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Logo of nihpaAbout Author manuscriptsSubmit a manuscriptHHS Public Access; Author Manuscript; Accepted for publication in peer reviewed journal;
Am J Geriatr Psychiatry. Author manuscript; available in PMC 2010 April 1.
Published in final edited form as:
PMCID: PMC2696692

Is family history of depression a risk factor for poststroke depression? A meta - analysis



To determine whether family history of psychiatric disorder constitutes a risk factor for the development of poststroke depression.


A meta-analysis setting: patients examined for depression following stroke seen in acute care, rehabilitation hospital or outpatient care settings.


All patients who were reported in the world's literature in English language publications in which information was provided about the existence or not of poststroke depression and the presence or absence of a family history of psychiatric disorder.


The frequency of family history of psychiatric disorder was determined for each study as well as the relationship of family history to the presence of poststroke depression.


Based on data obtained from 903 patients with stroke, the fixed model analysis found a risk ratio of 1.51 and the random model a risk ratio of 1.46 for the existence of poststroke depression if there is a positive family history of psychiatric disorder compared with a negative family history.


The existence of a positive family history of psychiatric disorder constitutes a risk factor for development of poststroke depression. The role of family history in poststroke depression, however, appears to be substantially lower than among elderly depressed patients without evidence of vascular disease.

Keywords: Poststroke depression, family history, risk factors


For many years, empirical studies have shown that mood disorders are heritable (1). Although we have not yet found a specific genetic abnormality that would explain the existence of a large number of mood disorders, familial history of mood disorders is significantly associated with mood disorder even among twins and offspring raised outside the familial environments (2, 3).

A meta analysis of twin studies, for example, has estimated major depressive disorders (MDD) degree of heritability to be 0.33 (95% confidence interval, 0.26-0.39) (1). The rate of MDD in the relatives of probands with subthreshold depression (24.3%) was significantly lower than the relatives of probands with MDD (31.9%), but was significantly higher than the relatives of probands with no history of mood disorder (NMD; 20.2%).(2) The odds ratio for MDD in children of mothers with lifetime history of severe depressive disorder was between 5.2 and 13.9 (3) .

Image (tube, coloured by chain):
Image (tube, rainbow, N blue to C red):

In contrast to this strong association of MDD with familial inheritance, late onset mood disorders have been more strongly associated with vascular disease manifested by left frontal or basal ganglia infarcts(4, 5), silent cerebral infarction (6), and deep white matter hyperintensities on MRI scan than family history of mood disorder (7, 8) , In fact, the vascular depression hypothesis (7, 9) is based in part on the presence of a lower frequency of familial mental disorder than nonvascular depression (10). A comparison of 37 patients with vascular depression and 52 patients without vascular depression found the odds ratio of having a family history of mental illness among vascular compared to non-vascular depressions was 0.36 (95% CI 0.9-1.48) (7). Thus, the question of a lower family history of mood disorders in vascular depressions remains unproven and, furthermore, an analysis of family history of mood disorder among patients with overt stroke and depression (one of the clinical presentations of vascular depression) has never been conducted. We therefore undertook the present study to perform a meta-analysis of the literature comparing patients with and without poststroke depression for the frequency of family history of mental disorder.


A search was performed using search terms of poststroke depression, stroke and depression, poststroke depression and family history in data bases from MEDLINE, PubMed and the Cochrane Library. More than 130 articles were retrieved regarding poststroke depression. They were reviewed using the following criteria: the study examined only poststroke depression; structured interviews were used (e.g. Structured Clinical Interview for DSMIV diagnosis [SCID]) to elicit diagnostic criteria for major (DSM-III and DSM-IV defined) and minor depression (i.e. DSM-III and DSM-III R for dysthymic disorder without 2 year duration criteria or DSM-IV minor depression, research criteria), and the study examined the relationship between poststroke depression and clinical correlates or risk factors such as family history of psychiatric disorders. Of the 130 articles, 22 were focused on risk factors. Of these 22 studies, only 6 examined the relationship between the poststroke mood disorders and family history of psychiatric disorder. These 6 studies contained data which allowed us to identify 4 types of patients: 1) depressed with positive family history of psychiatric disorder, 2) non-depressed with positive family history, 3) depressed, without family history, 4) non-depressed, without family history.

Statistic analysis

The data was analyzed using Comprehensive Meta-analysis Software. This software has been analyzed and shown to have good accuracy and usability in a recent publication.(11) Random and fixed models were applied. Heterogeneity was evaluated based on I2 measure defined as I2 = 100 (Q-df)/Q, where Q is Cochran's heterogeneity statistic and df is the degrees of freedom (12). Negative values of I2 are recorded as zero, so that I2 lies between 0% and 100%. A value of 0% indicates no observed heterogeneity, and larger values show increasing heterogeneity. A comparative search of 509 meta-analyses in the Cochrane Database of Systematic Reviews showed that average heterogeneity was approximately I2 = 30%, with no heterogeneity found (I2 = 0%) among 250 of these meta-analyses (12).